THREE TYPES OF STYLE – Holly Foster Media


If you’ve read any of my blogs on HTML, you’ve learned that HTML is a markup language that is pretty simple to learn. Today I’d like to share with you some basic information on Cascading Style Sheets, or CSS.

CSS helps you to keep the informational content of a document separate from the details of how to display it. The details of how to display the document are known as its style

(Why use CSS?, n.d.)

There are three types of CSS:

  • Inline
  • Internal (or Embedded)
  • External

To demonstrate how each type works I modified one of my existing HTML pages.


You can change the appearance of a single tag contained in your HTML page by using the style attribute. Here’s an example:

The last sentence in the text block below has the same format as the preceding two paragraphs.

When I add the style attribute within the <p> or paragraph tag, I can apply one, or even multiple styles. In this example I’m applying three: color, font size and alignment.

Now the sentence is blue, smaller, and centered as shown below:

Internal (or Embedded)

Internal CSS affects the entire HTML document. The style tag is placed in the head section rather than on a single tag. Here’s the style tag I used to create my internal CSS.

This code ensures that header tags H1, H2, and H3 throughout this HTML page are displayed as follows:

  • H1 tags are centered and have a one pixel solid border (“Holly Foster”)
  • H2 tags are displayed in all small caps (“BLACK & WHITE”)
  • H3 tags are crimson (“Page Links” & “Beverage Histories”)

Here’s a screenshot of the page using only inline and internal CSS:


External CSS is similar to internal CSS, but the file is separate and has a .css extension. This is important when you want to style multiple pages in your website.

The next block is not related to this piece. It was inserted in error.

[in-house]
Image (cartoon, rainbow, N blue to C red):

Once your file is created, the next step is to link the files together. To do that I add the following under the <head> tag in my HTML source code:

<link rel=”stylesheet” type=”text/css” href=”css/primary.css”>

In this example the CSS file is named “primary” and I placed it in a subfolder named “css.” This code should be added to each HTML page to which you want the styles to apply. To see my final HTML page, use this link.


One last thing.

“If a CSS rule doesn’t seem to work when it looks like it should and your code appears to be written correctly, or perhaps an element you’re trying to style won’t apply in any browser, your CSS rules are suffering from a CSS specificity conflict.”

Boudreaux, 2013

Be careful when you use CSS. Inline generally trumps internal or external CSS, but it’s not always clear cut. Check out Ryan Boudreaux’s excellent article for more specifics.

until nxt time …


Boudreaux, R. (November 6, 2013). CSS specificity hierarchy: What you need to know. Retrieved from TechRepublic:

Types of CSS (Cascading Style Sheet). (2018, August 20). Retrieved from:

Why use CSS? · WebPlatform Docs. (n.d.). Retrieved from:

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